The Un-paving of India: In his home town of Ghaziabad, India, Akash Vashishtha observed that many local parks and public spaces were covered in concrete. Concerned for the environmental effects of paving large swaths of public land, Akash has grown passionate about preserving natural ground cover in his city. Utilizing education as an effective tool for change, he has enlisted school children to help to educate their families on the dire consequences of over development and confronting "the reckless attitude of officials towards ecology." Thanks to his hard work and petitioning, he convinced the courts in the city of Ghaziabad to decrease the amount of concrete and paving stones in city parks and to keep it below five percent. Realizing that this is a national problem, however, he is working to raise awareness of his cause throughout India in an effort to eventually bring it to a global community.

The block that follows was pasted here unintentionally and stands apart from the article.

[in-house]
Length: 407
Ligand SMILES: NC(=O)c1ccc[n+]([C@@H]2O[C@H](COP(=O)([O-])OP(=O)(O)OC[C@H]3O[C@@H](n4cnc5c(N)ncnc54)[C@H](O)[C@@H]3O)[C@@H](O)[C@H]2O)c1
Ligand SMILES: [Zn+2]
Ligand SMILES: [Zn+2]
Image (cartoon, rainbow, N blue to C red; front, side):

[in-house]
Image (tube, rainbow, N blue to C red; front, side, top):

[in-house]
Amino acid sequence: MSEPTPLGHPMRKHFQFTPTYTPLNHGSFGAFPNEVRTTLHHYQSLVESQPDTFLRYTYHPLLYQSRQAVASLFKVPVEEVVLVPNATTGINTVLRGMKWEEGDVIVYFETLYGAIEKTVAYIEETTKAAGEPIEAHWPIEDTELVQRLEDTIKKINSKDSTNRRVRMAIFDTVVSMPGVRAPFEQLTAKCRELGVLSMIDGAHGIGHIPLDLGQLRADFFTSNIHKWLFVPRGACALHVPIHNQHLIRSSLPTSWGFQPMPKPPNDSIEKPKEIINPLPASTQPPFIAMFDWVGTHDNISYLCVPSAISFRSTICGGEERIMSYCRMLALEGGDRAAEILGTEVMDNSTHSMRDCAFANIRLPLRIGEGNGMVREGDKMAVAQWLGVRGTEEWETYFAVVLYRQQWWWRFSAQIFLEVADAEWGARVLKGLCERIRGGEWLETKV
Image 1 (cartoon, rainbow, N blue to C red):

Basketball for Change in Kitgum, Uganda: Jimmy Amone's native Uganda is recovering from the trauma of almost twenty-three years of civil war, which has left thousands of children without parents and no access to quality education. Jimmy has championed the construction of a basketball court in the Kitgum district of Northern Uganda. The basketball court serves many purposes. It is a space where youth from diverse backgrounds can come together and be treated as equals, while being encouraged to develop their skills and talents. It is a place for Jimmy to provide health education to the community while using the platform of a basketball game to gather people. Currently playing on bare ground, the community has already come together for a basketball tournament, where Jimmy provided malaria prevention education and handed out mosquito nets.